Thurston County Connection Newsletter
Thurston County Connection
Thurston County Connection
September, 2014
Subscribe to Newsletter
Search Past Articles
Browse Available Editions
County Connection
The Website
This Month's Articles

Back-to-School Safety 101:

Hope for the Best…..Prepare for the Worst!

Telephone Alerts Available for Flooding Hazards

The War on Food Waste

Little Red School House Drive a Big Success!

A Herd of Folks at the Thurston County Fair

Making it in the Dry Years

Thurston County Home
Send Editorial Feedback
to John Tennis
Problems using this site?
Contact the Webmaster
Website Disclaimer
 La Nina Increases Risk of Groundwater Flooding.

Are you prepared?

The La Nina winter and spring promises to continue to be a wet one. With increased rainfall comes the threat of groundwater flooding. In response to this threat, Thurston County Emergency Management sent information to county residents in areas prone to groundwater flooding. Frequently asked questions and answers about groundwater flooding are also posted on the county’s Emergency Management Website.

Here are some excerpts from the publication-

What causes groundwater flooding?

Groundwater flooding happens when soil becomes too saturated from rainfall to absorb more water and the water table rises to the surface. Much of the soil in Thurston County is glacial outwash—loamy sand or gravelly-sandy soils that drain well. The loose soils, however, allow water to travel in both directions. Soils that allow water to easily soak into the ground also allow water to rise to the surface when it hits an underlying layer of compacted soil or rock.

How high are local water table levels?

As of January, groundwater levels in several locations in Thurston County were less than 10 feet from the surface. Put into perspective, these levels were as high as last year’s peak at the end of the rainy season in April. Groundwater levels rose as much as three feet over 10 days in mid-December following 7.5 inches of precipitation that fell in this time span.

The county’s Resource Stewardship Department operates monitoring stations across the county. Water level measurements are collected hourly through electronic devices inserted in a well network. This data is used to create a monthly hydrograph of water level elevations. Details are available at the Monitoring website.

What can I do to protect my property?

The best long-term solution to groundwater flooding is to elevate your home on a new foundation. Tips and details on home elevation are available by contacting the county’s Resource Stewardship Department at 754-3355, ext. 6647. In the short term, we recommend the following measures:

1. BUY FLOOD INSURANCE (details below).

2. Elevate furnaces, water heaters, appliances and electrical panels.

3. Store paint, pesticides, fertilizers and other hazardous materials in plastic buckets or off the floor. Take unwanted hazardous items to the HazoHouse. Details at 754-3354.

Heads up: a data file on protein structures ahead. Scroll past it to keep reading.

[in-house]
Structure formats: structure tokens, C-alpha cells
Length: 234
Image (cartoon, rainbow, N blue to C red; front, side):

4. Store important documents and irreplaceable personal objects where they won’t get damaged.

What about sandbags?

Unfortunately, sandbags are ineffectual in stopping groundwater from coming to the surface. When water is pumped, more groundwater is likely to rush in to fill the void. Unlike river flooding, groundwater flooding takes a while to subside because water has to find its way out of the groundwater basin toward the river.

Will Flood Insurance cover groundwater flooding? Yes! The National Flood Insurance Program offers insurance that covers damages due to groundwater flooding. National Flood Insurance, a federal program, is sold through many private insurance companies. It is the only dependable form of financial protection against flood damage.

The Standard Flood Insurance Policy defines a flood as-

A general and temporary condition of partial or complete inundation of two or more acres of normally dry land area or two or more properties (at least one of which is your property) ... from unusual and rapid accumulation of runoff of surface waters from any source.

Through mitigation and preparedness actions, Thurston County has earned a 25% discount for flood insurance rates available to residents in the unincorporated areas. This translates into an an average annual savings of $238 per property. Complete details are available at Floodsmart. or by calling 1-888-379-9531.

Important: Act today! There’s a 30-day waiting period after the first premium is paid before the policy is effective.

How do I find out if my home is in a groundwater flooding area?

Major groundwater flooding areas are drainage basins of the following creeks: Salmon, Chambers, Yelm, Thompson and Scatter. High groundwater hazard areas are identified on the county’s GeoData Website. While the maps are not 100% accurate for every parcel, they do provide a wealth of information about high groundwater areas. Here’s how to find information on your property. Click on the website above and select parcel search. Enter your street number such as “2709” (street name is not required), and click “go.” Scroll until you find your address; then click on the parcel number to see details.

Read down the page to see information about your property, or click on “zoom map to parcel” at the top of the same page for a map. Click the square and the circle next to the feature you want to see on the map. (Hint: to identify the color coding of the maps, click on “legend” at the top of the page.)

By Keith Eisner

An example of ground water flooding in the county. An example of ground water flooding in the county.